In delivering workshops on Web 2.0 for government agencies and other key stakeholders, I ask audiences to imagine themselves walking up to a dazzling storefront. I ask them to envision peering through clear panes of glass to marvel at the merchandise – watches and widgets and watchamacallits galore. They turn their attention to the door, eager to enter the venue and explore the possibility of purchasing something they see…or just to engage the shop owner. However, they reach for the knob to find themselves locked out. The owner is standing inside, but he is not allowing anyone to enter. “But the sign says ‘open’,” the shopper protests. “Sorry,” the shopkeeper motions. “You can look, but…” We know how the interaction ends…or fails to begin. That’s Web 1.0.
Now imagine an African marketplace or a flea market not far from your home. People from all over have brought the things they’ve made in order to allow their customers to touch and trade and buy. Prices are negotiable and products are hand-crafted. That scene is more akin to Web 2.0, where the currency is content and the wares are ideas and information.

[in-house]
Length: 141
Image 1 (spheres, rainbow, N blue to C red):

Many organizations have attempted to analyze the Web's storefront model and, specifically, the websites of government agencies. Over the next few posts, I will summarize a few of the key studies and surveys in order to set the stage for a conversation that Ari Herzog and I will facilitate regarding Web 2.0 metrics at the Social Media for Government Conference in Washington, DC, on March 26. The four studies I will examine are:
When viewed collectively, the studies and surveys offer a sobering perspective and serve as a foundation for developing the metrics that will drive the implementation and evaluation of Gov 2.0. Let’s see what we can learn from them and move toward a methodology for measuring a more collaborative, interactive Internet.
Originally posted at the GenerationShift Blog.